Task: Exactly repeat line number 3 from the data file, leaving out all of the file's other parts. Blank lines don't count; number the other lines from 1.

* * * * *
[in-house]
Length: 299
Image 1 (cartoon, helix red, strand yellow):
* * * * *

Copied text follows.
Image 1 (cartoon, helix red, strand yellow):